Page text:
South London post rockers Goat Girl return with the follow up to 2018’s debut release Goat Girl, an album that was tinged in grunge and disdain. A lineup change with new bassist Holly Hole joining to replace Naima Jelly, a burn injury that cancelled a tour and a global pandemic in between, there’s certainly been many hurdles to getting this album released. With production being helmed by Speedy Wundergound’s own Dan Carey they have expanded their sound into new territories incorporating elements of synth-pop, jazz and soft-rock delivering a gratifying and woozy sophomore outing.
The band have never been ones to shy away from political messaging and throughout this album they continue to challenge the burdens of capitalism, casual racism in the media and climate change. Opener “Pest” cleverly flips around the phrase of “Beast from the east”, realising that this way of phrasing suggests that these extreme weathers are a result of the eastern hemispheres industrial revolutions, where in reality we are the ones that started the chain of pollution. “Pest from the west, drums on his chest” sings lead singer Lottie Cream in her deadpan style. Backed by a symphony of encapsulating rising guitar lines and bubbling synthesisers, the sound is easy on the ears whilst simultaneously impossibly menacing.
Although this album was written before any notion of a pandemic began and the fallout from it there are themes that resonate with a collective more wider than they might have originally thought. Lead single “Sad Cowboy” may seem upbeat through its use of club based synths and driving groove but lyrically the band speak on notions of feeling isolated from society, due to the often felt naivety of the many to some of the failings of homelessness, austerity and gentrification. And this contrast is cleverly woven into the lyrics. “Where colours play in the sky again, Through the windowpane, night time dissipates” where Cream is singing about these dreamlike surroundings that contrast her state of mind in the chorus where she sings “Slippin’ my hold, It comes and it goes, The feeling we’re told, Isn’t so”. Conveying the feeling of becoming detached from a world that is a much crueler place than is casually perceived.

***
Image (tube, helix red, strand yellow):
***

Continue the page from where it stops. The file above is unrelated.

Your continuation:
But away from the socially commentary the band displays an incredible amount of rawness in their detailing of their own struggles with mental health. From the breezy but moving “Anxiety Feels” that details L.E.D’s struggle with anxiety and isolation and the choice between whether to involve medication. “I don’t wanna be on those pills, heard they make you numb, find another way to get my fill” she declares as the track opens. But it’s only when the chorus melodies and harmonies kick in that the true weight of this songs is felt, it may only be simple declarations of “finding it hard” but you can hear the unconcealed emotion oozing out. And one of the highlights of this album comes in the form of “Closing In” both lyrically and sonically. The simple melancholic synth melody of the verse create a truly ominous sense of unease that perfectly captures the tenderness that Cream is writing about. But she depicts her illness as an entity that comes and goes through the clever lyricisim of “I feel the ghost, she slipped through my bones, pushing around and allowed to expose”.
Compared to the gritty and grinding sound of their debut album, there’s a certain amount of dreaminess and psychedelia washed over this album. The guitars are cleaner, the mix is smoother and the grooves are looser. But in this new formed freeness the band revere in their collective sound, allowing each movement to become funkier and more expansive than ever. The likes of which are found all over the descending groove of “Badibaba” which also introduces the new injection of jazz elements into the bands sound through the off beat vocal melodies and slinky bass lines. And on “P.T.S.Tea”, that tells the story of how drummer Rosy Jones was scolded with hot tea on a ferry by a man who didn’t even acknowledge the event, the song may open with an upbeat synth-pop intro but it slowly descends into a jazzy and psychedelic soundscape that feels like your swimming in the discontent that the band creates with their swirling vocals.
That’s not to say however there aren’t moments that get lost in the looseness and the gritty feel of the first album is missing. “Jazz (In The Supermarket)” showcases the bands talent to build on different movements from an instrumental perspective, but with its early placement in the tracklisting and four and a half minute run time it slows down the flow of the album without adding too much that can’t be found later on sonically. And the blissful swaying jazz verses of the first half of “A-Men” become somewhat overshadowed by the drawn out second half that take just a bit too long to reach their conclusion.
This album takes a look at the world, both retrospectively and introspectively and tries to understand and question our ways of life whilst seeking for change in both aspects. Sonically Goat Girl may be leaning towards a more woozier sound than their debut, but the songwriting and undying drive to seek and inspire a better world is still as potent as ever.